Sunday, August 25, 2019

The Narrow Gate

The Catholic Liturgy for the 21st Sunday of Ordinary Time, Aug. 25, 2019. Gospel of Luke 13:22-30. Theme: The Narrow Gate

Jesus always used mental pictures, memories of experiences from everyday life, to help convey his teachings. In this way, his lessons had a deeper real life meaning to people.  He could convey so much more by means of images and memories than by just words alone.

And Jesus does just that in today’s gospel when teaches about salvation and makes mention of to “the narrow gate”. He said, “Strive to enter through the narrow gate, for many, I tell you, will try to enter but will not be strong enough.”  And the people knew exactly what he was referring to because the temple of Jerusalem, like any protected place, was a fortified building. As a defense against enemies or looters, it was surrounded by high walls with only a few means of entry.   

There was the broad main gate that was open during the day and through which many people could enter at the same time. It was guarded but not very restricted; very much like the entrances to amusement parks or sports arenas today. However, the main gate wasn’t the only means of entry. Access was provided for qualified people by means what were called “the narrow gates.”

These restricted access entries were built into the walls at various locations and were somewhat hidden. Some of them were simply slits wide enough for only one person at a time to pass through carefully. Others were built above ground level so that you had to climb up into them. While still others were made very low requiring a person to stoop down in order to gain entry.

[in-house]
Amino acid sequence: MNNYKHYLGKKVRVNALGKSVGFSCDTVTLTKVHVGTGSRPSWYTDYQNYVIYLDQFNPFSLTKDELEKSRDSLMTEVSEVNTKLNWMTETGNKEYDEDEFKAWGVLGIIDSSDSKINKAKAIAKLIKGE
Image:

Jesus is telling us that attaining salvation, that is, reaching heaven, can be very much like using those narrow gates. The Kingdom of God doesn’t have an easy-access main gate through which we can pass without giving it a second thought. This is why he says that many try but fail. They aren’t strong enough spiritually.  They don’t have the intention or put out the effort. Their relationship with God is not valued as a top priority in their lives.

But, no matter what type of narrow gate it was – a thin slit in the wall, a step-up or a stoop down doorway, they all had three things in common. 1. You had to know where they were located. 2. You had to know how to gain access to them. And 3. You had to be determined because all of them required intention and effort.  And so, Jesus directs us to learn some vital lessons about salvation from the narrow gates.

First, we have to know where we find the gate to heaven. In the Gospel of John, Jesus gives us the answer when he declares, “I am the Way, the Truth and the Life, no one comes to the Father except through me.” We heard these words of Christ chanted today by the cantor during the Alleluia.  They remind us that there is no other means of entry into God’s Kingdom, no other gateway to heaven, except through Jesus Christ, Son of God and Savior.